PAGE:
Budai Gourmet Chinese – Albuquerque, New Mexico

“The true gourmet, like the true artist, is one of the unhappiest creatures existent. His trouble comes from so seldom finding what he constantly seeks: perfection.” –Ludwig Bemelmans By definition, gourmets are connoisseurs, taking food more seriously than most and embodying the axiom “live to eat rather than eat to live.” True gourmets, as Ludwig Bemelmans would define them, appreciate food of the highest quality, exalting only in the rarefied experiences–those which require the most discerning palates and noses to…

Dragon House – Albuquerque, New Mexico

Admit it–every time you dine at a Chinese restaurant, you peruse the Chinese Zodiac paper placemats at your table describing the characteristics of people based on their birth year. Every new year of the lunar calendar is represented in Chinese mythology by one of twelve animals, only one of which is mythological. That would be the dragon. People born on the year of the dragon are considered very fortunate as presumably a long, happy life awaits those with a dragon…

ABC Chinese Restaurant – Albuquerque, New Mexico

Hungry sojourners venturing east on Menaul between Wyoming and Eubank will discover two of the dining options on this stretch are among Albuquerque’s elder statesmen in the Duke City’s Chinese restaurant community. You’ll first espy Ho Lo Ma, a venerable institution launched in 1972 and well on its way to a half-century of serving the Duke City. A couple blocks later lies a comparative newcomer named ABC Chinese which has been in business only since 1988. Both restaurants are anachronisms…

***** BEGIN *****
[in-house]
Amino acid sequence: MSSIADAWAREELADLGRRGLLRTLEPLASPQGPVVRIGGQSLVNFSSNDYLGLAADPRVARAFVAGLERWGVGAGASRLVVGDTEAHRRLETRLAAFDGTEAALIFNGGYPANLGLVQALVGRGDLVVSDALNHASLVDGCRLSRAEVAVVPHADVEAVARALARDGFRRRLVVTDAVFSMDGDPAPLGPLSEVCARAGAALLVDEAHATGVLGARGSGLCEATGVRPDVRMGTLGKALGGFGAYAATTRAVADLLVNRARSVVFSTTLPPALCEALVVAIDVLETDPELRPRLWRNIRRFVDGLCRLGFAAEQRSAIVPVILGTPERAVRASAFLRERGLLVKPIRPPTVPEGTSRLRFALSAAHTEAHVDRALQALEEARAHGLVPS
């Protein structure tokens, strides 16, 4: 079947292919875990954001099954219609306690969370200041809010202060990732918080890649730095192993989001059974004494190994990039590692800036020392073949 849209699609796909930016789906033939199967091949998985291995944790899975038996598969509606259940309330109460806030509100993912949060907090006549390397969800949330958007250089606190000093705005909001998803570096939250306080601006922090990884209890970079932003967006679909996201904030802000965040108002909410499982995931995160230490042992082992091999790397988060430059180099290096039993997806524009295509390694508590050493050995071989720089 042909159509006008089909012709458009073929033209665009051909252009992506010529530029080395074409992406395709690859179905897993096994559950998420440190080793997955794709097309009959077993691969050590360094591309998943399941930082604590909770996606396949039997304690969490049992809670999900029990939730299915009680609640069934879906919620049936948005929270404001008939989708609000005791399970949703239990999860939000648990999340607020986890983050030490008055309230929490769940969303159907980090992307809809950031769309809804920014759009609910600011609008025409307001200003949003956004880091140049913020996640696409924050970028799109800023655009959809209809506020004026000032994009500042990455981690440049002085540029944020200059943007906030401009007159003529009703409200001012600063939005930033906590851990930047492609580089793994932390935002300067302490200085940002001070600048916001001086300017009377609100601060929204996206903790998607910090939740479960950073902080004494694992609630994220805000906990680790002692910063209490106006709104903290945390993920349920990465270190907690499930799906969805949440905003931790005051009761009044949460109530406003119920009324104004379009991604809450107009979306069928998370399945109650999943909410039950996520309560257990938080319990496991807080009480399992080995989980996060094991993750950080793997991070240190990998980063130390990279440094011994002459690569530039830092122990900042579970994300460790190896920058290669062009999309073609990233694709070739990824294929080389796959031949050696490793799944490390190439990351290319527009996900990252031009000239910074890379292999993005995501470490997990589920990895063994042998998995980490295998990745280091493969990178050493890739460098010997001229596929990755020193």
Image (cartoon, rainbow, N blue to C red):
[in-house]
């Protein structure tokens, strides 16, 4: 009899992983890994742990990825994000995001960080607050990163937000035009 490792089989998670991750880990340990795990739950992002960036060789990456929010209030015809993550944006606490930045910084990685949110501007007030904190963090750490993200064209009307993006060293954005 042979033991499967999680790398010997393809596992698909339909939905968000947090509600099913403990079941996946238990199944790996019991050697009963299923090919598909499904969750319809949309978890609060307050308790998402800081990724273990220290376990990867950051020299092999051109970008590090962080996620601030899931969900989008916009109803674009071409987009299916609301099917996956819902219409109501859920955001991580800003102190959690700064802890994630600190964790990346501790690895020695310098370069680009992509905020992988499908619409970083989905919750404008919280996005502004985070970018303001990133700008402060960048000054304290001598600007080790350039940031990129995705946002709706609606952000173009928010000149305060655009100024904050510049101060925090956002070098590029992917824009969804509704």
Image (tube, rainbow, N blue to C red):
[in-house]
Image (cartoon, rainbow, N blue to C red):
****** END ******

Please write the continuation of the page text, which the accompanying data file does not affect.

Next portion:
Chopstix – Albuquerque, New Mexico

And I find chopsticks frankly distressing. Am I alone in thinking it odd that a people ingenious enough to invent paper, gunpowder, kites and any number of other useful objects, and who have a noble history extending back 3,000 years haven’t yet worked out that a pair of knitting needles is no way to capture food? ~Bill Bryson The precise date in which chopsticks were first used has been lost in time. Archaeological evidence found in burial plots indicates they…

China City – Albuquerque, New Mexico

The Claw: Actually the only girl we want is Princess Ingrid. Maxwell Smart: Then why did you abduct the others? The Claw: Unfortunately, Mr. Smart, all Americans look alike to us. ~Get Smart Leave it to iconic filmmaker Mel Brooks to turn cultural stereotypes around to create a hilarious interchange between The Claw, the head of the Asian arm of the criminal spy agency KAOS, and Smart, the bumbling American secret agent who fights on behalf of the forces of…

Lucky Boy – Albuquerque, New Mexican

During its seventh season, the X Files television series in which FBI agents investigated paranormal phenomena featured an episode in which a ravenous Lucky Boy employee in California struggled against his craving for human brain matter (almost anything goes in the Golden state). The most paranormal thing about the Duke City Lucky Boy is its “east meets west” dining concept. Nowhere else in town can you order Chinese and American food so inexpensively and from the very same menu. If…

Chin Shan Chinese Restaurant – Albuquerque, New Mexico

According to the trade magazine Chinese Restaurant News, as of January, 2007, there were 43,139 Chinese restaurants in the United States. That’s three times the number of McDonalds franchise units and more than the total number of McDonalds, Burger King and Wendy’s in America combined. More than 80 percent are family-owned with nation-wide chains such as Panda Express and PF Chang’s accounting for only five percent of all Chinese restaurants across the fruited plain. Raking in nearly $17 billion in…